Cells and viruses
Chick embryo fibroblast cells (CEF) were obtained from Charles River (Charles River Laboratories International, Inc., Wilmington, MA) and maintained in Dulbecco’s modified Eagle medium (DMEM; Gibco, Carlsbad, CA) supplemented with 10% fetal bovine serum (FBS), 100 U/ml of penicillin, 100 µg/ml of streptomycin, and 2.5 µg/ml amphotericin B, and incubated at 37 °C in 5% CO2. MVA virus used in these studies was obtained through BEI Resources (NIAID, NIH, ref # NR-727). A recombinant MVA virus expressing GFP (MVA-GFP) was based on the wild-type MVA, and its construction has been previously described 20,23.
Generation of recombinant viruses
Five recombinant MVA viruses were constructed. Four of them were bearing the ASFV p30 gene being expressed under the control of different promoters such as: 1) poxvirus PrMVA-13.5L (MVA-PrMVA-13.5L-p30), 2) pHyb (MVA-pHyb-p30), 3) S E/L (MVA-S E/L-p30), and 4) PrS5E (MVA-PrS5E-p30). A fifth MVA recombinant contained the ASFV p30 gene under the control of the S E/L promoter and in-frame with the vaccinia secretory signal C13L (MVA- S E/L-C13L-p30) (Fig. 1). DNA cassettes containing these sequences, the mCherry gene under the control of a late p11 promoter, and flanking sequences from the MVA hemagglutinin gene (HA) were synthesized 24. Expression of the mCherry protein allows for visual-based selection and permits an easy distinction between recombinant (red) and wild-type (green) viruses. We used IBS 1.0.3 software (Illustrator for Biological Sequences) to illustrate all expression cassettes (Fig. 1) 25.
All cassettes were PCR amplified using Phusion High-Fidelity DNA polymerase (New England Biolabs, # M0530S, Ipswich, MA), and then used for homologous recombination. Recombinant MVA viruses were generated as described previously 26,27. Briefly, CEF cells were seeded into six-well plates the day before transfection and then infected at a multiplicity of infection (MOI) of 0.05 PFU/cell for 1.5 hours (hr) with wild-type MVA-GFP virus. Following the manufacturer's protocol, cells were then transfected with appropriate PCR fragments using FuGENE HD (Roche Diagnostics, # E2311, Indianapolis, IN). At 48–72 hr post-transfection, monolayers were harvested, centrifuged at 500xg for 5 minutes (min) at 4°C, and cells were disrupted by freeze-thaw (3 times) followed by sonication (2 times for 15 s using a cup sonicator). The disrupted cell extracts were plated again onto fresh CEF cells and overlaid with 1% agarose. After 48–72 hr, virus-generated plaques expressing mCherry were picked into 500 mL media with a sterile filter pipette tip, then subjected to freeze-thaw, sonication (as described above), and plated to continue passaging. Plaques were passaged until no wild-type (GFP expressing) virus was observed, at which point PCR was performed to confirm the presence of only the recombinant virus 28. Viral DNA was extracted using the quick-DNA Viral kit from Zymo Research (Zymo Research, # D3015, Irvine, CA), and PCRs were then performed using Phusion High-Fidelity DNA polymerase with specific primers that bind to the flank sequences (HA gene).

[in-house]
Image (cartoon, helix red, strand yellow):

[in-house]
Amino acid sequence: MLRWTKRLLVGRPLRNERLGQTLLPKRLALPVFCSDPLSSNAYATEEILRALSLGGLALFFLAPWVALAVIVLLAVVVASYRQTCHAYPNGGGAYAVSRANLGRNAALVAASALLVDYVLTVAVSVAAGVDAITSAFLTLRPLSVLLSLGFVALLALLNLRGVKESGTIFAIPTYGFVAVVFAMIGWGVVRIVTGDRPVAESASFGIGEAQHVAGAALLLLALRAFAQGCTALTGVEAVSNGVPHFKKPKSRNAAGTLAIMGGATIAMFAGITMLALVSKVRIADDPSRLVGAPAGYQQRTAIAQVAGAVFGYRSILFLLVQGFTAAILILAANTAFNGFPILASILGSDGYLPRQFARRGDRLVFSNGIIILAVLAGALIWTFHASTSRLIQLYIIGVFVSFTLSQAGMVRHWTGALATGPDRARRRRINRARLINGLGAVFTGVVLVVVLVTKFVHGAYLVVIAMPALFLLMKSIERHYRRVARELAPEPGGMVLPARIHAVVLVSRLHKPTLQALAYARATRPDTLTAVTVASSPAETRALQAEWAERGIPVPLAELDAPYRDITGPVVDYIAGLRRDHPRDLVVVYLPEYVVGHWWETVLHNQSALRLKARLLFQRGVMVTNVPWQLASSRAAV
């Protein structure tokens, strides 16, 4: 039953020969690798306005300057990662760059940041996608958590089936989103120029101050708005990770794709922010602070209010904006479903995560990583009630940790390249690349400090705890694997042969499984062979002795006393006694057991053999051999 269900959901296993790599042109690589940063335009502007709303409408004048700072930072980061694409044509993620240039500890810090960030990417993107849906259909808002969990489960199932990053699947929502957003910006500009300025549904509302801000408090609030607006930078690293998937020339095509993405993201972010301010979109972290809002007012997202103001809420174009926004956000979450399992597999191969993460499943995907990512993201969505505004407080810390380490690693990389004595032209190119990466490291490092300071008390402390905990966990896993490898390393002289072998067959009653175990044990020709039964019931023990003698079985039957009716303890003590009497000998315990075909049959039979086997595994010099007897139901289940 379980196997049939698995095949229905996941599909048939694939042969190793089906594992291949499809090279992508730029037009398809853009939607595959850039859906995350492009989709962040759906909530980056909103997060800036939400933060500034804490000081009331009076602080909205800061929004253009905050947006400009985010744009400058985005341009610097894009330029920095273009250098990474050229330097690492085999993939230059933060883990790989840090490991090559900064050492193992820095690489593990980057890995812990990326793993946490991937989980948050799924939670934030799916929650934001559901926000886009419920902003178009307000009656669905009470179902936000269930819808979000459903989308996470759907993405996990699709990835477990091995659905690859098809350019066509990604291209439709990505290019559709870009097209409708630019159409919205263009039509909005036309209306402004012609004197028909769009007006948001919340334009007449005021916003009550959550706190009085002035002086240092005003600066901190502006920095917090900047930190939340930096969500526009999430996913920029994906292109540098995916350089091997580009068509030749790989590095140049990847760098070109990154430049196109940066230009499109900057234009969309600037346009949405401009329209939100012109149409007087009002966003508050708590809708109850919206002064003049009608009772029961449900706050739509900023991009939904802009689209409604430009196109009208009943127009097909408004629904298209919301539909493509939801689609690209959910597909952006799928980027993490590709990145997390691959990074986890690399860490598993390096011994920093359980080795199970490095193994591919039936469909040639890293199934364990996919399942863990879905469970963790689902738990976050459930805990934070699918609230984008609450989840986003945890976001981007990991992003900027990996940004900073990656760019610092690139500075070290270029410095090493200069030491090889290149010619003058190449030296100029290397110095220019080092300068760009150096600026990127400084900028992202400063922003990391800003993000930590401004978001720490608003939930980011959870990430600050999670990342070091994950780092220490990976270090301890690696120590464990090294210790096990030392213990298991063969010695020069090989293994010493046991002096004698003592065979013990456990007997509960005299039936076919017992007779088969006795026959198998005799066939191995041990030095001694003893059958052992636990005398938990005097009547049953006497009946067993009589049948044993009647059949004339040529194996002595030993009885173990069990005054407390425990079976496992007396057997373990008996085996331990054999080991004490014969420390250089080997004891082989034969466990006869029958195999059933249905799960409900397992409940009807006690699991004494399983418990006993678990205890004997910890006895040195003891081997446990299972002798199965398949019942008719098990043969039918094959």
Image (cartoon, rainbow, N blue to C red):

High titer virus stocks were produced and further characterized by PCR and DNA sequencing to ensure genetic homogeneity and stability.
In vitro characterization of recombinant MVA viruses
p30 and mCherry mRNA expression analysis in DF-1 cells using quantitative reverse transcription PCR (RT-qPCR).
Briefly, DF-1 cells were infected with an MOI of 5 PFU/cell for 24 hr at 37°C and 5% CO2. Infected cells were collected, and RNA was extracted using Direct-zol RNA MicroPrep (Zymo Research, #R2062). One nanogram of RNA was used as the template for the reverse transcription into complementary DNA (cDNA). cDNA was produced using Verso cDNA Synthesis Kit (Thermo Fisher Scientific, #AB1453A, Waltham, MA), and anchored oligo dT was used for priming. iTaqTM Universal SYBRR Green Supermix (BioRad, #1725120) and primers ASFV-p30_F1 (5’-ctgctgagcaccgtgaagta-3’), ASFV-p30_R2 (5’-gtctcctcctcgaacagcac-3’), mCherry-F1 (5’-agggcgaggaggataacatg-3’), and mCherry-R1 (5’-cttggtcaccttcagcttgg-3’) were used for the amplification of the cDNA template. To ensure the correctness of the comparison, the ACTB (β-actin gene) was used as normalizing control and primers designed previously 29. The following amplification conditions were used: 95°C for 30 sec, 40 cycles of 95°C for 15 sec, 60°C for 1 min. Sample reactions, including negative controls (MVA-GFP), were performed in triplicate and two independent repetitions. Fold change data was obtained using the delta-delta CT method as previously described 17.